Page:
It’s essential to teach your dog to be comfortable around strangers when you’re out and about. This is because dogs that exude confidence and sociability will engage positively with people they’re not familiar with in the given surroundings. Dogs will react differently to strangers for various reasons; sometimes they’re excited whereas other times they’re anxious.
Our friends over at Battersea Dogs & Cats Home have shared their expert advice to help your dog overcome their fear and be more confident when meeting new people.
For more useful tips from Battersea on how to look after your pup, see our collection of Canine Care blogs.
Signs of anxiety and stress in dogs
Firstly, it’s important to recognise the following signs of anxiety in dogs to better understand their comfort levels. Some common signs can include:
Your dog’s body language
Look out for trembling, pricked ears, tucked tails or cowering.
Growling, barking and lunging towards strangers. This is your dog’s way of communicating that they’re trying to put more space between them and the stranger.
Hiding, running away, avoiding contact with strangers.
Increased panting and drooling can also be a sign of stress in dogs.
Establish a strong bond with your dog
It’s important to build trust with your dog to help reduce any anxiety or stressful situations for them when they’re around people they’re not familiar with. Establishing a strong bond will ultimately make them feel safe and reassured when they’re out in public with you.
If your dog is reactive in their behaviour, then reducing the number of instances where they are likely to encounter strangers is a good first step to building their confidence. Be sure to maintain a reasonable distance from others when out on walks or consider taking a quieter route.
Top tip: It’s good to know the maximum distance from someone that your dog is comfortable with. Try to picture an invisible bubble around your dog. This is effectively their safe space. Your dog’s bubble will likely vary in size depending on how calm they are and what triggers them to react to strangers.
Take simple steps
A great way to build your dog’s confidence is by introducing them to your friends and members of your family that you see regularly. This can be achieved in your home where your dog has a safe space to move to, such as their bed. Be sure to take slow steps so that your dog doesn’t get overwhelmed. Ask your friends and family to give your dog time and space for them to get used to them – keeping your dog’s ‘invisible bubble’ in mind.
Practise positive reinforcement training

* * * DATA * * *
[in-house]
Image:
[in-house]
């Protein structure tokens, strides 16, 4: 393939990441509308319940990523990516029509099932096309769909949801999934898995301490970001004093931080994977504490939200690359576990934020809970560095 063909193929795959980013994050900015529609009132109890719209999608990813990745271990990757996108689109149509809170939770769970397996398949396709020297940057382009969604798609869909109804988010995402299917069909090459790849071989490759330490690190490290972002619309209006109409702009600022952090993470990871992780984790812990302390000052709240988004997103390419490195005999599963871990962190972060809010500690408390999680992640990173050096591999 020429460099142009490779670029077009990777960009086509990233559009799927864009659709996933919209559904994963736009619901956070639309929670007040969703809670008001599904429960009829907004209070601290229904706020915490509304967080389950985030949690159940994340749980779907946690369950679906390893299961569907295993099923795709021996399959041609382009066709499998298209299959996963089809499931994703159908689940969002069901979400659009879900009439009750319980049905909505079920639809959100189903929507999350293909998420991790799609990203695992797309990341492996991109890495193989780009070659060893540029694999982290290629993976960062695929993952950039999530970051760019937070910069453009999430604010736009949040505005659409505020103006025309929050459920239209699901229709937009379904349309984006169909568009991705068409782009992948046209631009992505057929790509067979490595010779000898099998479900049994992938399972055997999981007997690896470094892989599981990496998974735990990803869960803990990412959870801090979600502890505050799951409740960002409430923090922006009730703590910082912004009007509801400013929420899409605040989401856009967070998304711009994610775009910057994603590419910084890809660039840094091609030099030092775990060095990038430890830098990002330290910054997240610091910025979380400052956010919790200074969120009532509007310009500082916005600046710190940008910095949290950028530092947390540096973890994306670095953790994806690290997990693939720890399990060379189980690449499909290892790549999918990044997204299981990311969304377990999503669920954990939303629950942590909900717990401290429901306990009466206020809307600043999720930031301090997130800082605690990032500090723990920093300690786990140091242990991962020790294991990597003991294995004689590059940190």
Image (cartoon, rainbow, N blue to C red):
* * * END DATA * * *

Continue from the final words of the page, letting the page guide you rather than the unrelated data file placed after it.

Another way to build your dog’s confidence around strangers is by practising positive reinforcement training. This involves praising and rewarding your dog when they display calm behaviour around strangers. Start by slowly building up your dog’s tolerance level to being near people they’re not familiar with in a controlled space. This could be by walking your dog on a leash in a quiet park or down a street in your neighbourhood that they’re familiar with.
When your dog displays calm behaviour, offer them a treat. This will help to reinforce the positive association between their behaviour and the treat. In the likely event that you come across someone while out with your dog, wait for your dog to notice the person before distracting them with a treat. Encourage them to display calm behaviour before offering it to them and reward them when they follow through with your instruction. Soon, they’ll start to realise that this type of behaviour means they’ll get a tasty treat!
Exposure is key
As your dog gets more comfortable and used to this, you can slowly start to increase their exposure to strangers when out and about. This is a good way for them to notice all types of people, including children and adults. Gradually exposing them to all sorts of people will help desensitise your dog to help them overcome any fear or anxiety of strangers.
Praise and reward your dog throughout when they display calm behaviour and be generous enough to offer them two treats for moving away from others while staying by your side. Over time and with lots of practice, your dog’s perception of strangers will change, and they should start to feel more comfortable around them.
It’s important to remember that building your dog’s confidence takes time and patience. However, a safe and secure environment combined with consistent positive reinforcement training will gradually help your dog to develop lasting confidence around strangers.
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Disclaimer: Whilst every effort has been made to ensure the accuracy of the information at the time of writing,
please ensure you check carefully before making any decisions based on the contents within this article.